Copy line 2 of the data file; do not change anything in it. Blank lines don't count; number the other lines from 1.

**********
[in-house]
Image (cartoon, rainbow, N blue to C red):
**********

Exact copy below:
Image (cartoon, rainbow, N blue to C red):